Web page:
Before rewatching Mission: Impossible II (2000), I remembered it was my least favorite Mission: Impossible movie, but I hoped that with a fresh viewing, I would find more to like about it. Sad to say, I’m disappointed in the results. Instead of reversing my judgement, rewatching it reaffirmed my sour judgement. It’s not a horrible film. It has its moments. But it suffers from a weak screenplay. In fact, most of what I hated came from the screenplay. Since Robert Towne, the man who gave us Chinatown, wrote MI:2, it’s a double disappointment that his writing here was subpar.
There’s a theory–I don’t ascribe to it–that the plots of action films don’t need to be good. Keep it simple. Keep it loose. A thin plot to give us a car chase, a fist fight, and a gun battle, add a pretty girl–preferable topless–for the good guy to kiss. It’s a throwback to the 70s and 80s and to all the action movies I can’t named, because I forgot them minutes after leaving the theater. For most of my life, I loathed action movies, and only now am I finding appreciation in them. I haven’t changed. The movies changed. Action movies now give us intriguing plots and rounded characters. They’re filled with drama and pathos, humor and growth. The modern action hero bleeds as much inside as he or she does outside. With Ghost Protocol and Rogue Nation, the Mission: Impossible franchise would grow into that modern action film, but in Mission: Impossible II, director John Woo looked backward rather than forward.
Perhaps this is most obvious in his treatment of Nyah Nordoff-Hall, played by Thandie Newton. There’s a trend among internet critics to criticize a film for the sexualization of the female lead, but you don’t often see me following that tread. Since seeing beautiful people being beautiful is one reason we love the movies, glamorizing the characters is natural, but it has to be appropriate to the tone and genre of the movie. The action genre, with its glamorized violence and heightened masculinity are an appropriate medium to let women be sexy. Woo did worst than sexualize Nyah; he turned her into a Bond Girl. We meet her as an expert thief in the middle of a caper. Her skills are strong, as is her confidence. We see further evidence of this confidence as she and Ethan Hunt enjoy a high-speed car chase on a mountain road. I know I’ve see this scene in James Bond. Was Woo playing homage? Or plagiarizing? Is the car chase a flirtation or foreplay? During it, like a Bond Girl, Nyah fell for Ethan. After their first kiss, her skills as a thief, so well developed in her introduction, played no role in the movie. She became a damsel in distress, a woman for Ethan to protect and rescue.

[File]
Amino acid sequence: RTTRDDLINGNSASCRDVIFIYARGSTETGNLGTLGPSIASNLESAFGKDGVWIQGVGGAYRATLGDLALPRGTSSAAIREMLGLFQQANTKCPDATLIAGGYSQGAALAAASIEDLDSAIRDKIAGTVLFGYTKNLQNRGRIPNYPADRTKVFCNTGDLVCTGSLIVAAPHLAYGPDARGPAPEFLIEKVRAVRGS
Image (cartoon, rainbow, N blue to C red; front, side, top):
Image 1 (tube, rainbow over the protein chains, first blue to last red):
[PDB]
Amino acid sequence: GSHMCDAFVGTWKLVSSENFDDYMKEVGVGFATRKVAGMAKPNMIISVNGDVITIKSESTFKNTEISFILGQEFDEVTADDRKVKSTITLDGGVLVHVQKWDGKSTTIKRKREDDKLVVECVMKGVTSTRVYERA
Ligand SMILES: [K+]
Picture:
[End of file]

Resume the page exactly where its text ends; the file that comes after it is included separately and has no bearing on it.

I hate damsels in distress!
In no way should this reflect on Thandie Newton, to whom I award best actor. She took the role Towne and Woo created for her and turned it into a believable and sympathetic character. Her ability to emote was the best in the movie. From desire to anger, from fear to despair–I always knew what she was feeling. Her facial expressions also told me what she was thinking. During the movie, she made several important decisions. Somehow her expressions and body language communicated those decisions even before she acted on them. The filmmakers wanted a Bond Girl, but Newton’s talent refused to be so characterized.
As the Bond Girl, she was the love interest between rivals Ethan Hunt and Sean Ambrose. As the protagonist and antagonist, respectfully, they had enough to fight over without throwing a woman in the mix. Tom Cruise plays Ethan Hunt, the IMF team leader tasked with recovering a deadly test tube virus called Chimera. Sean Ambrose, played by Dougray Scott, a rogue IMF agent, had stolen the virus and its cure and hoped to sell them for millions. Since Ambrose had the same training, skills, and career as Hunt, the rivalry between them is the best element in the film. It was fun watching them trying to best each other. The rivalry led to a major showdown that included gunplay, a motorcycle chase, and a tense knife fight. We go to action films for the action, and MI:2 doesn’t disappoint on that score. As you likely know, Cruise performs his own stunts, and that commitment pays off in our excitement and thrill.
Cleaver teamwork distinguishes the Mission: Impossible franchise from other spy franchises, like James Bond or Jason Bourne, but the teamwork in MI:2 was another disappointment. Ving Rhames returned as Luther Stickell. John Polson played Billy Braid, a helicopter pilot Hunt selected for the team. The Bondesque structure left little for Luther and Billy to do. I felt as if scenes were added just to give them screen time. That’s sad for both of them, but it’s particularly sad for Luther, who, next to Hunt, is the only character to appear in all the Mission: Impossible movies.
As I said in my review for Mission: Impossible (1996), Brian De Palma transformed the 1960s television show into a modern action movie. In Mission: Impossible II, Woo and the other filmmakers looked to define what it means for it to be an action franchise. They borrowed from the James Bond franchise, but that proved to be an ill-conceived approach. James Bond is great, but what makes him great is different than what’s needed from Ethan Hunt and his IMF team. MI:2 is a good movie to see for its action, for the rivalry between Hunt and Ambrose, and for Thandie Newton’s performance, but it feels like a movie outside the franchise. It doesn’t draw from the first movie nor lead into the next. The modern film franchise needs to be something more than a collection of sequels. As the character arc within a movie, they also need to arc over the series, and each movie needs to contribute to that growth. Mission: Impossible II fails to do this. In a word, it’s just another 1980s sequel.